Plumbing Pitfalls for Bathroom Remodels
Beginning contractors often make the mistake of pumping up a customer's
early expectations, only to discover unresolved issues and problems later that
cause the cost of the job to change, most often in a northerly direction. This
is especially true of bathroom remodels, where much of the work is hidden
behind walls and under floors, and where the number and variety of product
choices is overwhelming.
To avoid problems, it's important that during the initial site visit
you work through a of the common problems that typically plague bathroom
remodels, especially when it comes to investigating existing piping and
fixtures. Until you're comfortable with this kind of detective work, ask
your plumbing sub to visit the site with you. You'll look like a hero to
your client if you underpromise and overdeliver, and your plumber will be a lot
happier if, before saying "No problem, my plumber can do that," you actually
talk to your plumber about "that."
This article deals with those bathroom remodeling pitfalls that, if
overlooked at the outset, are most likely to rear their ugly heads before the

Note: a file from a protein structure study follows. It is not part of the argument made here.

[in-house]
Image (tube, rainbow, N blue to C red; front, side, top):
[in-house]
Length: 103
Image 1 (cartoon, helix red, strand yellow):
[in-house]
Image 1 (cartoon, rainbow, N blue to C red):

job is finished.
Delay Pricing Discussions
In the desire to get the work, many contractors will readily quote a
price or price range for a bathroom remodel without knowing any of the details.
In most cases, the homeowner envisions a Ferrari while the contractor is
pricing a Fiat, and once these unrealistic expectations are set, they are hard
to undo. As negotiations grow more serious and the job specs begin to take
shape, contractors start backpedaling with excuses about "hidden conditions" or
expensive fixture "upgrades." Alternatively, they wait until the job has
started and try to make up the shortfall by overcharging for change orders. In
the worst cases, the contractor simply walks away from the work. All of these
options leave the homeowner with a low regard for contractors all
To avoid being lumped in with "all contractors," never provide a quote or
give an estimate of any sort unless you are sure that you can and will do the
work for that amount. Save your ballpark estimates until after you have
thoroughly inspected the job and you know all of the specifics.
Old Pipes Never Die
The age of the existing plumbing will greatly affect the cost of the
upgrade work. Many cast-iron drain systems are on their last legs, but because
cast iron comes in varying grades, its deteriorated condition may not be
obvious. Cast iron rots from the inside out, so it may look okay but actually
have very thin walls that could fail at any time. Tap the pipe somewhere other
than the hubs with a steel wrench or heavy screwdriver: A change in tone
frequently indicates either a buildup of solids within the pipe or thin walls
caused by corrosion. In either case, the pipe may need to be repaired or